Shore fishing also allows you to access spots that you potentially wouldn’t otherwise have been able to reach. On a boat, you’re restricted from coasting over rocky areas or having to worry about getting snagged on aquatic vegetation. From the shore, you can readily access the shallow and/or densely-vegetated waters that are usually teeming with fish.

Although shore fishing requires slightly more planning than boat fishing, you will need to scout out an optimal location along the shore where the fish are surely biting and where it is not already crowded with other fishermen.

Lastly, with the right technique, you are far less likely to risk frightening the fish with the noise and vibrations of your boat when fishing for trout from the shore. (Shadows, noises, and vibrations from a boat can scare fish up to a mile radius!) You can be a lot more inconspicuous, and therefore more successful, in your trout fishing from the shore.

How to Fish for Rainbow Trout from Shore

You should still adhere to the general guidelines of fishing for rainbow trout when fishing from the shore, yet you will end up putting a bit of a spin to your technique when adapting to fishing from shore. The core concepts to stick to when trout fishing, whether by boat or shore, are as follows:

  • Know the area that you’re fishing in. Why? Because rainbow trout are native only to the West coast of the United States. If you are fishing further east than California, Iowa, and Wyoming, there’s a strong likelihood that the lake you are fishing in is stocked, meaning you will need to take into consideration that you are aiming to attract farm-raised fish. Scented lures would be best in this case.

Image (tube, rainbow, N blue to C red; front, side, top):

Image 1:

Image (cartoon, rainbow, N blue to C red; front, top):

• The most common lures for trout fishing are little “critters” that imitate large bugs such as grasshoppers, beetles, and crickets – or the bugs themselves, of course. (Do keep in mind, though, that larger trout – over one foot long – are less likely to be attracted to such a tiny snack.) Tubes, worms (or worm imitators), and swimbaits are awesome as well and are very effective attractants.
  • Movement/vibration, color, and scent are all extremely important to the effectiveness of your lure. Knowing the prey items not only that the rainbow trout prefer but also those that are surely present in the lake will substantially increase your success in catching a trout.

Consider the Time of the Year

During the winter season, in some areas, you can count on a lake being frozen over. When this happens, lake trout will concentrate on the upper portion of the water column for feeding. (Ice fishermen have regularly hooked trophy specimens in as shallow as four feet of water!)

Later in Spring, when the ice begins to break up, lake trout will remain in the shallow waters for a few more weeks maximum. This is the best time for anglers who prefer fishing from the shore to get their angle on these fish without having to work too hard.

Additionally, because they are a bit more pressed for a meal during this environmental transition period, using bait such as salmon eggs is a surefire way to get some rainbows coming your way. Naturally, rainbow trout, among many other species of fish, scavenge spawning beds of salmon and virtually any other fish for this delicacy. Thread a few of these onto a size 6 hook and watch them go crazy!

Know Your Lake and the Trout that Live in It

As previously mentioned, rainbow trout is an extremely variable species, having a plethora of unique behaviors and preferences based on the locality and subspecies. Rainbow trout use all different types of water bodies, including cold headwaters, creeks, any size of rivers, cool lakes, estuaries, and the ocean. Knowing the area you’re fishing in, and perhaps even grabbing a map and/or speaking with a ranger will help you to know exactly where to look for your trout.

Regarding behavior as it relates to these water bodies: a reliable map that displays the contours of the lake will be priceless when you’re planning to do some shore-fishing. Trout tend to stick to the deeper waters, yet still close to the shallows. This is because they will swim into the shallows to snag a quick meal and return to the depth they’re more comfortable with.